Highs should be back into the 80s by Saturday from Miami to Orlando to Tampa.


WINTER IN REVIEW: February was the second warmest on record for most South Florida cities, right behind the warmest February ever — just one year ago.

Runner-up status occurred in Miami, Fort Lauderdale and Naples, although West Palm Beach posted its fourth warmest February, the National Weather Service said in an analysis posted Tuesday.

Winter temperature anomalies

(Image credit: NWS-Miami)

“Despite a near-normal January and a slightly warmer than normal December, the 2018-2019 meteorological winter season (December – February) ended up among the top 25 warmest on record,” NWS meteorologists said.

“The slow and late-developing El Niño episode likely played a small role in keeping our temperatures close to normal for most of the first 2 months, due at least in part to more frequent frontal passages and a few more cloudier days relative to normal. However, the weak nature of this winter’s El Niño meant that it was overridden by other factors such as the North Atlantic Oscillation (NAO) and Arctic Oscillation (AO), which resulted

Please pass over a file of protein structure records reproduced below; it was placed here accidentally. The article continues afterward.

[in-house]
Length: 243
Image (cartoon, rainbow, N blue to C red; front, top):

in the abnormally warm February pattern.”

The 2018-2019 winter was the eighth straight warmer-than normal winter in South Florida, analysts said. The last cooler-than-normal winter was 2010-2011.

NOAA’s Climate Prediction Center is calling for more above normal temperatures from March (the cold snap should be history by Friday) through May, “essentially a continuation of the pattern observed in February.”

The outlook also calls for a wetter than normal spring in South Florida.

How much rain will Florida get, and where will it fall?


Expected rainfall in South Florida through Friday morning, above; East-Central Florida below.  The Tampa area is expecting up to an inch through Wednesday; Jacksonville, around a half-inch. (Image credits: NWS-Miami/ NWS-Melbourne)

CFL expected rainfall

The National Weather Service has been adjusting the projected area of heaviest rain for Tuesday and Wednesday a bit south, into the Miami-Fort Lauderdale area, where up to 3.68 inches could hit Miami through Friday.

Two inches are more likely, and the rest of South Florida is in line for an inch to an inch and a half.

The National Weather Service in Melbourne sees around a half-inch for Daytona Beach and more than an inch to the south in Stuart.